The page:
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What is the full form of LCM

LCM: Least Common Multiple

LCM stands for Least Common Multiple in Maths. The Lowest Common Multiple (LCM) is the other term used for the Least Common Multiple (LCM). The smallest number by which all the numbers d, e, f, etc. are divisible is called the LCM of two or more numbers, such as d, e, f, etc. Alternatively, L.C.M. is the smallest number with the elements d,e,f, etc. For instance, if you take the integers 3 and 5, the least common multiple (LCM) of 3 and 5 is 15, which is the smallest number by which 3 and 5 are divisible.

LCM full form

Consider the situation of locating the L.C.M. of the integers 12, 20, and 42.

12 = 2 x 2 x 3

20 = 2 x 2 x 5

42 = 2 x 3 x 7

2 x 2 x 3 x 5 x 7 = 420 is the L.C.M. of 12, 20, and 42.

The least frequent multiple of 12, 20, and 42 is 420.

420/12 = 35, 420/20 = 21, and 420/42 = 10.

420 is the least frequent multiple and is divisible by 12, 20, and 42.

Apart from the Least Common Multiple, there are two more full forms of the abbreviation LCM that are as follows-

LCM: London College of Music

LCM was established in 1887, and up until 1991, it operated as a separate music college out of Great Marlborough Street in the heart of London. After then, the college relocated to Ealing and joined the Polytechnic of West London (which became Thames Valley University and was renamed the University of West London in 2011).

History of London College Music

Thames Valley University established a school called London College of Music & Media in 1996. It included LCM as well as a number of media-related courses like music technology, radio, journalism, and other creative and digital arts. The Department of Music now oversees the administration of music-related courses at LCM, which was renamed the Faculty of the Arts in 2005. The music program has been running under the name London College of Music once more since March 2007.

Guy Woolfenden, Nick Ingman, and John McCabe (after he retired from the position of Principal) were among the visiting lecturers who had previously taught at LCM. Stephen Montague, Judith Weir, Jonathan Dove, David Sawer, Deirdre Gribbin, Judith Bingham, Augusta Read Thomas, Param Vir, Jonty Harrison, Philip Grange, Camden Reeves, Francis Pott, Nigel Hess, Andrew Poppy, John Cameron, Simon Holt, Michael Finnissy, the late Geoffrey Burgon, and the late David Bedford were just a few of the guest speakers who have given presentations at Martino Tirimo, John Lill, Howard Shelley, and several more renowned musicians have given piano master lessons.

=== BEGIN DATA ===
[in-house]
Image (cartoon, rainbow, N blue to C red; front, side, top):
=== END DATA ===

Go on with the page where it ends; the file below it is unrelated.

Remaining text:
Academics at London School of Music

The London College of Music Examinations (LCM Examinations) department, which oversees the institution's external exams, is a division of the University that is connected to LCM.

The LCM's music technology division houses the Native Instruments Labs in addition to 25 recording facilities. LCM is an approved Native Instruments training centre and provides Apple-certified Logic, Pro Tools, and Ableton Live training classes in addition to undergraduate and graduate-level music technology courses. A Grammy Award-winning record producer Pip Williams, Dr Simon Zagorski-Thomas, publisher of the Journal on the Art of Record Production, producer Paul Borg, and Larry Whelan, a longtime Transglobal Underground associate, are all on the teaching team for music technology. The Messiaen expert and organist Dr Robert Sholl is a Reader in Music at LCM. John McLeod, Martin Ellerby, Nigel Clarke, Dr Laurence Roman, Dr Paul Robinson, Dr Jeremy Arden, Simon Lambro, who is an Oscar-nominated film composer and the current Course Leader for undergraduate Composition for the BMus degree, and Dr Martin Glover have all served on the composition staff over the past 20 years.

LCM: Little Company of Mary

The Roman Catholic women's religious order known as The Little Company of Mary, commonly known as the Blue Sisters, is dedicated to offering care for the sick, the dying, and the suffering. Venerable Mary Potter established the order in Nottingham, England, in 1877.

This religious organisation is separate from the Sisters of the Company of Mary, Our Lady, a women's religious order established by Saint Jeanne de Lestonnac in 1607, and the Company of Mary, a men's society (also Roman Catholic) created by Saint Louis de Montfort in 1713.

History of Little Company of Mary

The Little Company of Mary was founded in Hyson Green, Nottingham, in an empty warehouse, in 1877. The treatment of the sick and dying is their main responsibility. They travelled to Italy in 1882. While there, Mary Potter founded Calvary Hospital on the Via Stefano Rotondo, close to St. John Lateran, where she had gone to get permission for the constitutions of her new congregation.

Six sisters set up a community in Australia in 1885 at the invitation of Cardinal Francis Moran in Sydney, Australia. Mother Mary Xavier Lynch, the order's first provincial for Australasia, guided its expansion and the establishment of various hospitals in Australia and New Zealand. In Port Elizabeth, South Africa, she also oversaw the establishment of a hospital. The sisters expanded their business to Ireland in 1888.

Three Little Company of Mary Sisters arrived in Chicago in 1893 to launch their primary healthcare workers in the country. In Evergreen Park, Illinois, Little Company of Mary Hospital was established in 1930. There are sisters employed as of 2019 in California, Illinois, Indiana, and Ohio. Hospitals, home care, hospice, extended care, and going to promote are all part of their healthcare ministries. The Little Company of Mary congregation had expanded to the point by 1922 when it could create provinces with local provincials. Australasia, England, Ireland and Italy were the four provinces.

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